2.1 Older Latin Loans
Basically, there are two main historical events which helped Latin words to influence the Old English language. Firstly, there are the Latin words which were brought by the Germanic tribes invading Britain and those loans which were taken over as a result of the first Roman invasion. Secondly, there is a great group of ecclesiastical loan words which were taken over during the Christianization period. In the following, these two stages are elaborated.
2.1.1 Roman and Germanic occupation
The first contact of Vulgar Latin with Anglo – Saxon Germanic took place on the continent when Roman invaders established settlements in the North. When then Angles, Saxons and Jutes sailed across the channel and invaded the British Isles in 449 AD they already brought ‘continental loans’ with them. These loans have also influenced the German language and some of them are still in use nowadays. Latin words had been taken over from various semantic fields.
Firstly, loans of the field of infrastructure were adopted, as for example:
lat. tegula > oe. tigele > mod.eng. tile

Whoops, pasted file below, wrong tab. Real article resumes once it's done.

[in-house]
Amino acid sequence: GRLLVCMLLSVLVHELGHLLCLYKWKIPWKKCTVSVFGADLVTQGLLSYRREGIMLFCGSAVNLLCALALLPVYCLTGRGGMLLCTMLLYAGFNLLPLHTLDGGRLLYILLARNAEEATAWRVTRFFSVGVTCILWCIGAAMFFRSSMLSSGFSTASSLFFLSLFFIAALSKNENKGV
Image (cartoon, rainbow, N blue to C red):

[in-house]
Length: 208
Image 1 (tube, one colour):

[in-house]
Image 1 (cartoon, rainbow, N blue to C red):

lat. vallum > oe. *weallian > mod.eng. wall
lat. strata > oe. stræt > mod.eng. street
lat. castra > oe. ceaster > mod.eng. (city name ending with different graphical and phonological developments), e.g. <Win chester >, <Don caster >, <Lei cester >, <Ex eter > (cf.Bradley (1968): 55).
Secondly, loans of the fields of trade and war, like:
lat. moneta > oe. mynet > mod.eng. money
lat. pondo > oe. pund > mod.eng. pound
lat. poena > oe. pin < mod.eng. penal -, punishment
lat. campus > oe. camp > mod.eng. camp
lat. caesar > oe. casere > mod.eng. ‘emperor’ (here, the Old English loan disappeared but was replaced by the Old French loan empereor, lat. imperator)
Further, there are the loans of the domestic field (cf. Ramisch et al. (2002:55):
lat. catillus > oe. cetil > mod.eng. kettle
lat. caseus > oe. cyse > mod.eng. cheese
lat. coquina > oe. cycene > mod.eng. kitchen
lat. planta > oe. plante > mod.eng. plant
lat. discus > oe. disc > mod.eng. dish
lat. candela > oe. candel > mod.eng. candle
lat. pisum > oe. pise > mod.eng. pea
lat. vinum > oe. win > mod.eng. wine